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Endogenous ranking and equilibrium Lorenz curve across (ex-ante) identical countries: A generalization

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  • Matsuyama, Kiminori

Abstract

This paper proposes a symmetry-breaking model of trade with a finite number of identical countries and a continuum of tradeable consumption goods, which differ in their dependence on nontradeable intermediate inputs, “producer services”. Productivity of each country is endogenous due to country-specific external economies of scale in its service sector. It is shown that, in any stable equilibrium, the countries sort themselves into specializing in different sets of tradeable goods and that a strict ranking of countries in per capita income, TFP, the service sector share, and the capital–labor ratio emerge endogenously. Furthermore, the distribution of country shares, the Lorenz curve, is unique and analytically solvable in the limit, as the number of countries grows unbounded. Using this limit as an approximation allows us to study what determines the shape of distribution, perform various comparative statics and to evaluate the welfare effects of trade. In doing so, this paper extends the analysis of Matsuyama (Econometrica, 81:5 (September 2013), 2009–2031) for more general and flexible forms of scale economies. It turns out that the technique introduced in Matsuyama (Econometrica, 81:5 (September 2013), 2009–2031) is useful for the equilibrium characterization in this general case as well. Although some results of comparative statics and on welfare inevitably need to be modified, they change in ways that illuminate the underlying mechanism of symmetry-breaking.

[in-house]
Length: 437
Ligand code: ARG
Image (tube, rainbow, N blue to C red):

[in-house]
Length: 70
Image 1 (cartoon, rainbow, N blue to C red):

Suggested Citation

  • Matsuyama, Kiminori, 2014. "Endogenous ranking and equilibrium Lorenz curve across (ex-ante) identical countries: A generalization," Research in Economics, Elsevier, vol. 68(2), pages 95-111.
  • Handle: RePEc:eee:reecon:v:68:y:2014:i:2:p:95-111
    DOI: 10.1016/j.rie.2013.10.001
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    References listed on IDEAS

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    1. Kiminori Matsuyama, 2002. "The Rise of Mass Consumption Societies," Journal of Political Economy, University of Chicago Press, vol. 110(5), pages 1035-1070, October.
    2. Paul Krugman & Anthony J. Venables, 1995. "Globalization and the Inequality of Nations," The Quarterly Journal of Economics, Oxford University Press, vol. 110(4), pages 857-880.
    3. Gabaix, Xavier & Ioannides, Yannis M., 2004. "The evolution of city size distributions," Handbook of Regional and Urban Economics,in: J. V. Henderson & J. F. Thisse (ed.), Handbook of Regional and Urban Economics, edition 1, volume 4, chapter 53, pages 2341-2378 Elsevier.
    4. repec:hhs:iuiwop:430 is not listed on IDEAS
    5. Dornbusch, Rudiger & Fischer, Stanley & Samuelson, Paul A, 1977. "Comparative Advantage, Trade, and Payments in a Ricardian Model with a Continuum of Goods," American Economic Review, American Economic Association, vol. 67(5), pages 823-839, December.
    6. Dixit, Avinash K & Stiglitz, Joseph E, 1977. "Monopolistic Competition and Optimum Product Diversity," American Economic Review, American Economic Association, vol. 67(3), pages 297-308, June.
    7. Arnaud Costinot, 2009. "An Elementary Theory of Comparative Advantage," Econometrica, Econometric Society, vol. 77(4), pages 1165-1192, July.
    8. Matsuyama, Kiminori, 1996. "Why Are There Rich and Poor Countries? Symmetry-Breaking in the World Economy," Journal of the Japanese and International Economies, Elsevier, vol. 10(4), pages 419-439, December.
    9. Ethier, Wilfred J, 1982. "Decreasing Costs in International Trade and Frank Graham's Argument for Protection," Econometrica, Econometric Society, vol. 50(5), pages 1243-1268, September.
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    Cited by:

    1. repec:eee:reecon:v:71:y:2017:i:4:p:740-758 is not listed on IDEAS
    2. Matsuyama, Kiminori, 2017. "Geographical Advantage: Home Market Effect in a Multi-Region World," CEPR Discussion Papers 12352, C.E.P.R. Discussion Papers.
    3. Matsuyama, Kiminori, 2015. "The home market effect and patterns of trade between rich and poor countries," LSE Research Online Documents on Economics 86292, London School of Economics and Political Science, LSE Library.

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